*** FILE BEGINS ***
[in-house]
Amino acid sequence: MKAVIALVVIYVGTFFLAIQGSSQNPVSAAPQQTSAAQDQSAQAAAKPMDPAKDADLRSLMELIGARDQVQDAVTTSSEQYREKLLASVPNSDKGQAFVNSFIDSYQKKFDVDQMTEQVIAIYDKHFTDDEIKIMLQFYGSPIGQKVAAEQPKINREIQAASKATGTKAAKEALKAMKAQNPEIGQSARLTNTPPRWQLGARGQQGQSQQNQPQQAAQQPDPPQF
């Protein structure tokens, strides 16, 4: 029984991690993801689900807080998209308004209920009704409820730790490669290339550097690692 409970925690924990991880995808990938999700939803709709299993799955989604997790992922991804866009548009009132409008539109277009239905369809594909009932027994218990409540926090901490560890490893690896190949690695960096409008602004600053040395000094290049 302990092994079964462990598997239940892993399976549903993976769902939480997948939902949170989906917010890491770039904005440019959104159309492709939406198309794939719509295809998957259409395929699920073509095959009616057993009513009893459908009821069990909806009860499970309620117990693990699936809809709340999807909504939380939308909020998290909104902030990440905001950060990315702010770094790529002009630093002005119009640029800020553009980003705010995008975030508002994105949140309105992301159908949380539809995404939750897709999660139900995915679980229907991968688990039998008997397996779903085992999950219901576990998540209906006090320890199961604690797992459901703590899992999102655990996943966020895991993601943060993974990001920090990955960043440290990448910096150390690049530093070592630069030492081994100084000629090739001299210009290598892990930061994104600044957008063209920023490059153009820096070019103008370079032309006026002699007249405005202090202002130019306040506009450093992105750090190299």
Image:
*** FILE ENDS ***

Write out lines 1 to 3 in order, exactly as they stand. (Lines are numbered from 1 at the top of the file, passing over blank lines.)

[in-house]
Amino acid sequence: MKAVIALVVIYVGTFFLAIQGSSQNPVSAAPQQTSAAQDQSAQAAAKPMDPAKDADLRSLMELIGARDQVQDAVTTSSEQYREKLLASVPNSDKGQAFVNSFIDSYQKKFDVDQMTEQVIAIYDKHFTDDEIKIMLQFYGSPIGQKVAAEQPKINREIQAASKATGTKAAKEALKAMKAQNPEIGQSARLTNTPPRWQLGARGQQGQSQQNQPQQAAQQPDPPQF
């Protein structure tokens, strides 16, 4: 029984991690993801689900807080998209308004209920009704409820730790490669290339550097690692 409970925690924990991880995808990938999700939803709709299993799955989604997790992922991804866009548009009132409008539109277009239905369809594909009932027994218990409540926090901490560890490893690896190949690695960096409008602004600053040395000094290049 302990092994079964462990598997239940892993399976549903993976769902939480997948939902949170989906917010890491770039904005440019959104159309492709939406198309794939719509295809998957259409395929699920073509095959009616057993009513009893459908009821069990909806009860499970309620117990693990699936809809709340999807909504939380939308909020998290909104902030990440905001950060990315702010770094790529002009630093002005119009640029800020553009980003705010995008975030508002994105949140309105992301159908949380539809995404939750897709999660139900995915679980229907991968688990039998008997397996779903085992999950219901576990998540209906006090320890199961604690797992459901703590899992999102655990996943966020895991993601943060993974990001920090990955960043440290990448910096150390690049530093070592630069030492081994100084000629090739001299210009290598892990930061994104600044957008063209920023490059153009820096070019103008370079032309006026002699007249405005202090202002130019306040506009450093992105750090190299």